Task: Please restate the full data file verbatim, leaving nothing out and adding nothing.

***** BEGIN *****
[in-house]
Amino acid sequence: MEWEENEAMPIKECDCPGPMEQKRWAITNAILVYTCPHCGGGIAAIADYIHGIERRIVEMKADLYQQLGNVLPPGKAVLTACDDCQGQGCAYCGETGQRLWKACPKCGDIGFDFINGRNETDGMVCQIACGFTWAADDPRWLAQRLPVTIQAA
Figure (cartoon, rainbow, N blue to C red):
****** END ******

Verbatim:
[in-house]
Amino acid sequence: MEWEENEAMPIKECDCPGPMEQKRWAITNAILVYTCPHCGGGIAAIADYIHGIERRIVEMKADLYQQLGNVLPPGKAVLTACDDCQGQGCAYCGETGQRLWKACPKCGDIGFDFINGRNETDGMVCQIACGFTWAADDPRWLAQRLPVTIQAA
Figure (cartoon, rainbow, N blue to C red):